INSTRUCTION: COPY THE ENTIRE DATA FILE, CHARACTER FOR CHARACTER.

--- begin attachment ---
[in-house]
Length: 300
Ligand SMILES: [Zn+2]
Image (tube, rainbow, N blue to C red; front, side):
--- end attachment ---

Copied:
[in-house]
Length: 300
Ligand SMILES: [Zn+2]
Image (tube, rainbow, N blue to C red; front, side):